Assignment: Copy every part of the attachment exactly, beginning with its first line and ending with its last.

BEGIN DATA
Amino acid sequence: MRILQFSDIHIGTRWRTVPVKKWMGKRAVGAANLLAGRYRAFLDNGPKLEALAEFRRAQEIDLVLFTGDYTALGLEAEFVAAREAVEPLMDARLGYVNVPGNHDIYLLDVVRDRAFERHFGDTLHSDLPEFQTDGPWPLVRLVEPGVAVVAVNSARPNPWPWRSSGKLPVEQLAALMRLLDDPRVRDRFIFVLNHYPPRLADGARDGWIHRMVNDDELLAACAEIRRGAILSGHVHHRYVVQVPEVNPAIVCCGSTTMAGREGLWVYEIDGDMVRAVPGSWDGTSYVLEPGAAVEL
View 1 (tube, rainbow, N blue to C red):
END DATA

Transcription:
Amino acid sequence: MRILQFSDIHIGTRWRTVPVKKWMGKRAVGAANLLAGRYRAFLDNGPKLEALAEFRRAQEIDLVLFTGDYTALGLEAEFVAAREAVEPLMDARLGYVNVPGNHDIYLLDVVRDRAFERHFGDTLHSDLPEFQTDGPWPLVRLVEPGVAVVAVNSARPNPWPWRSSGKLPVEQLAALMRLLDDPRVRDRFIFVLNHYPPRLADGARDGWIHRMVNDDELLAACAEIRRGAILSGHVHHRYVVQVPEVNPAIVCCGSTTMAGREGLWVYEIDGDMVRAVPGSWDGTSYVLEPGAAVEL
View 1 (tube, rainbow, N blue to C red):